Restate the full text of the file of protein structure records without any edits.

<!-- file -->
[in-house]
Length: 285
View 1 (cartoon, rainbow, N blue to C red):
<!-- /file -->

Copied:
[in-house]
Length: 285
View 1 (cartoon, rainbow, N blue to C red):